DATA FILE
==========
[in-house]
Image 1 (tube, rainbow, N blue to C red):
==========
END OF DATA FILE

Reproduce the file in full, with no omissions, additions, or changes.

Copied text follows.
[in-house]
Image 1 (tube, rainbow, N blue to C red):